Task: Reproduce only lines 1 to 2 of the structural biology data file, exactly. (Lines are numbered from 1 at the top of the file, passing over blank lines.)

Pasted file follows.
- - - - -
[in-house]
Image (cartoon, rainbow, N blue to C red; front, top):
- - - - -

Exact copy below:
[in-house]
Image (cartoon, rainbow, N blue to C red; front, top):